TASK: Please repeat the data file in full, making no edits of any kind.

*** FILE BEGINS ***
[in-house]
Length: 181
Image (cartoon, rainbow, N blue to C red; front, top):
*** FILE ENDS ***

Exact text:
[in-house]
Length: 181
Image (cartoon, rainbow, N blue to C red; front, top):